Smaller projects are better for delivering broad, long-term value to communities across the country, reducing inequality and cutting emissions, as well as quickly providing jobs and economic stimulus.
States across Australia are increasingly using market-led proposals to build infrastructure. The emerging problems reflect the inherent risks of projects that bypass proper public planning processes.
Transport modelling has been tarnished by its use to justify the predetermined projects politicians favour. But, if used more transparently, it’s a valuable tool for planning our future cities.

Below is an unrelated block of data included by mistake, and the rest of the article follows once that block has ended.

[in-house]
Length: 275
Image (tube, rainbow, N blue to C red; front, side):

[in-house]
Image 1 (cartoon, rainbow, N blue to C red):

While called a transportation plan,
it was heavily skewed towards roads. We need the type of city-shaping thinking that underpinned the plan, but today’s plans must match 21st-century priorities.
Transport infrastructure has such an impact on what kind of city we become that more democratic planning is long overdue. But public consultation is typically limited and focused on design issues.
Melbourne’s proposed road project relies on assumptions that inflate estimates of the traffic the new link will carry – but other choices about the future of transport are open to us.